June 7, 2017
MOUNDSVILLE, W.Va. —Grave Creek Mound Archaeological Complex in Moundsville will feature activities for the whole family during June, including a film, storytelling, photo exhibit and the celebration of West Virginia’s birthday. All programs are free and open to the public.
On Saturday, June 10, the museum’s Second Saturday film series will feature “The Mine Wars,” a 120-minute documentary that brings to life the decades-long struggle for the miner’s right to organize and join a union, and turned the coalfields of southern West Virginia into a war zone. In the beginning of the 20th century, coal fueled industrial progress and employed nearly 750,000 men across the United States. This documentary film was produced by Film Posse, Inc. for the American Experience series aired on Public Broadcasting Service (PBS). The first showing will begin at noon followed by an encore at 2:30 p.m.
Storyteller Judi Tarowsky will present “Burning Springs – The Forgotten Story” from 1 to 2 p.m. on Saturday, June 17. The program runs 30 minutes and is followed by a question and answer session. On May 9, 1863, Confederate troops under General William (Grumble) Jones marched on Burning Springs, located in what is now Wirt County. They set fire to the oil field and the town. The raid was considered so sensitive to the Union that no newspapers reported the story and no federal record exists of it.
The museum’s “Featured Artist” of the month is Anita J. Luellen, an award-winning photographer from Shadyside, Ohio. Her photographs capture images as varied as a morning launch at the Balloon Fiesta in Albuquerque, N.M. to a view of a lighthouse on a foggy morning in Maine. Images of the Mountain State include a crypt in Wheeling’s Greenwood Cemetery, the Cheat River near Elkins and Blackwater Falls State Park.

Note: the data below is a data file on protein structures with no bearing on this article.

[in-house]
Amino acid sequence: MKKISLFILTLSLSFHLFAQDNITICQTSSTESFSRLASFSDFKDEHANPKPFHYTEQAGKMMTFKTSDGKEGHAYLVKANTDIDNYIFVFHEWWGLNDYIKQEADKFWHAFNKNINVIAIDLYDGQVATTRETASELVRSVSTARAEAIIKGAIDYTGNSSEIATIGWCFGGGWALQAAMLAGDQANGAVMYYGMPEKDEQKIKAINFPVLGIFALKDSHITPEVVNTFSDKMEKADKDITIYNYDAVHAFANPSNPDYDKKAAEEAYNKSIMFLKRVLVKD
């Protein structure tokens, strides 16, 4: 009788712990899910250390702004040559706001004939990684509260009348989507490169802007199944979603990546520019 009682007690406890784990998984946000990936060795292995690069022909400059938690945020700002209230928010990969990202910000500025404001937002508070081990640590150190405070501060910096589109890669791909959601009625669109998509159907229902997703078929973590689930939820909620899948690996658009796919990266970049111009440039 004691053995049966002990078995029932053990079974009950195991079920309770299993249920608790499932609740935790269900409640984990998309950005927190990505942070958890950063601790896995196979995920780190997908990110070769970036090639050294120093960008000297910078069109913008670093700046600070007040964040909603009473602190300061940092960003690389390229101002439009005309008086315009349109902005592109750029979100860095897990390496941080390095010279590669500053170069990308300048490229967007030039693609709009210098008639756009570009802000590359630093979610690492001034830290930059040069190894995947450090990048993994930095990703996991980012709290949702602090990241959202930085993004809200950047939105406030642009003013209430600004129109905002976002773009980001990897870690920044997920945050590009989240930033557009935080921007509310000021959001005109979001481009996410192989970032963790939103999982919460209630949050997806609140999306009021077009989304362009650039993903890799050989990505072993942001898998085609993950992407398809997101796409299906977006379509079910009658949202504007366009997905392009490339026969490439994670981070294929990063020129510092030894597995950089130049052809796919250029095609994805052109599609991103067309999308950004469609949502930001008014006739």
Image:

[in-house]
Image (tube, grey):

The celebration of West Virginia Day will be from 10 a.m. to 4 p.m. on Tuesday, June 20 with family-oriented crafts and showing of “West Virginia: A Film History,” a documentary series produced by the West Virginia History Film Project and the West Virginia Humanities Council. Visitors are invited to celebrate the day by making a gold and blue West Virginia necklace and a “West Virginia Scavenger Hunt in a Bottle.” The scavenger hunt also will be available at the museum’s Discovery Table throughout the month of June. For more information about activities and programs at Grave Creek Mound, contact Andrea Keller, cultural program coordinator, at (304) 843-4128 or firstname.lastname@example.org or visit www.facebook.com/gravecreekmound and www.twitter.com/gravecreekmound.
Operated by the West Virginia Division of Culture and History, Grave Creek Mound Archaeological Complex features one of the largest conical burial mounds built by the Adena people between 250 - 150 B.C. and ranks as one of the largest earthen mortuary mounds anywhere in the world. Exhibits and displays in the Delf Norona Museum interpret what is known about the lives of these prehistoric people and the construction of the mound. The complex also houses the West Virginia Archaeological Research and Collections Management Facility.
Admission to Grave Creek Mound Archaeological Complex is free. The Delf Norona Museum, located at 801 Jefferson Avenue, is open from 9 a.m. to 5 p.m. Tuesday through Saturday and closed Sunday and Monday. Outdoor access closes at 4:30 p.m.
The West Virginia Division of Culture and History is an agency within the Office of Secretary of Education and the Arts with Gayle Manchin, cabinet secretary. The division, led by Commissioner Randall Reid-Smith, brings together the past, present and future through programs and services focusing on archives and history, arts, historic preservation and museums. For more information about the division’s programs, events and sites, visit www.wvculture.org. The Division of Culture and History is an Equal Opportunity/Affirmative Action Employer.